What Do I Know About First Impressions? Arcadia Issue 11
I wanted to take a moment to acknowledge that Arcadia has published 11 issues in one year, in addition to delivering the Kingdoms and Warfare PDF, the Illrigger class, and the Beastheart class. That’s a pretty impressive years’ worth of material. Now that we stopped to think about how much we’ve already seen in 2021, let’s take a look at the capstone issue for the year.
I was provided with a review copy of Arcadia by James Introcaso at MCDM. Despite receiving a review copy, I am also signed up for the monthly Patreon, and receive a non-review copy as well. While I haven’t used any of the material in this issue, I am familiar with D&D 5e, both as a player and a dungeon master.
We’ve All Got Issues
This month’s issue is 37 pages long, which includes a credits page, a table of contents, a page of author biographies, and a full page OGL statement. If you haven’t read any of my other Arcadia first impressions . . . I’m not hurt, I’m just disappointed.
But seriously, the formatting is top notch, with two column layouts, with headers, sidebars, and stat blocks that follow WotC conventions, but with MCDM’s own flourishes. There is full color artwork of the celestial progenitors of the first article, the NPCs presented in the second article, and various meals being served in the third article.
The three articles included in this issue are as follows:
- Angelic Ancestries (New celestial themed player ancestries)
- Good Fences make Good Neighbors (Rules for selling stolen goods and NPCs who specialize in buying)
- I Cut Off Its Snout (A system for preparing meals that provide short term benefits)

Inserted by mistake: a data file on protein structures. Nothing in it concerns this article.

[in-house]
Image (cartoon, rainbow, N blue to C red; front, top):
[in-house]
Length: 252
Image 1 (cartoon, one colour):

This time around, we don’t have any maps or special diagrams, so there isn’t a page of hyperlinks leading to outside material. Additionally, this issue doesn’t have any ancillary material that ties into other MCDM material, such as units or followers from the Strongholds & Followers or Kingdoms & Warfare.
You know what’s not included in the D&D 5e SRD? Aasimar. It’s always interesting when something that feels ubiquitous to the game ends up being one of those things that wasn’t included in the 3rd party toybox. Especially when something was in the 3.5 version of the same. The term used for celestial blessed mortals used in this article is “scion,” which works well in this case.
For what it’s worth, there isn’t too much reinventing the wheel. Scions have background lore providing them with a progenitor that provides them visions and dreams, and Scions also manifest wings when using some of their special abilities. The scions presented in this article include:
- Godsong (Scions with powers associated with song)
- Chthonic (Scions that fulfill psychopomp duties)
- Primordial (Scions of some of the oldest and most powerful celestials)
- Vindicator (Scions descended from celestials that pass judgment)
The presentation for these ancestries is kind of halfway between the traditional presentation of races, and the way that newer sources have introduced character lineages. For example, there is a general section of Scion Traits, including the ability to choose either medium or small size, but the individual types of Scions aren’t referred to as subraces, and the individual entries feel a little bit like how the dragonborn families were presented in Fizban’s Treasury of Dragons.
Each type of Scion is given a suggested set of ability score increases, but there is a sidebar that mentions that many newer products are introducing the ability to assign these bonuses to whatever stats the player prefers, and that this method works fine with the options presented in the magazine.
Compared to aasimar, the scion has the same speed, darkvision, and resistances, but instead of getting healing hands and the light cantrip, the per long rest and cantrips are shifted to the individual types of scion and customized for them. In addition to the customized cantrips and per long rest abilities, each of these ancestries gains an ability at 3rd level that can trigger for up to one minute, in a manner very similar to the existing aasimar subtypes.